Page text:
Karma Ride: TorahCycle Vayeishev

KarmaRide 2013We’re all here for different reasons, working out our unique and evolving karma. But yours, mine, theirs are at core pretty much the same stuff even if the nouns, verbs, locations, and languages seem very different. My cosmology says we’re all learning the lessons of understanding and compassion. I may get hung up on one piece of it and you on another. So we get different stories to live and tell along the way.

Those stories are our lives. If you think of each incarnation as a going to sleep and waking up in a different dream, then we’re each here dreaming, trying to make sense of the imagery and lessons of those stories. Dreaming is the metaphor of this and next week’s readings: what we’re being told and how to make sense of it in ways that are useful.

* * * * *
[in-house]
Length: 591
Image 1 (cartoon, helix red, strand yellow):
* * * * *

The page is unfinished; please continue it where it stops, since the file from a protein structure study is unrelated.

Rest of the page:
Joseph, our new protagonist, has a wild ride. Like the spinning cups at the amusement park, knocked and jolted from every side, turning all the while in crazy loops.

His story this week: he’s daddy’s favorite son; full of himself; wears a distinctive “coat of many colors”; is gifted with prophetic dreams (in which he’s the boss and the hero); gets tossed into a pit by his jealous brothers, then sold into slavery; becomes the target of his owner’s wife’s affections; resists her would-be seduction; lands in jail; interprets more prophetic dreams; gets a reputation for being insightful and special.

It’s clear early that he’s not going to become a simple herder. There’s a star on his head (even if he painted it there himself) that says, Look at me. Big things coming.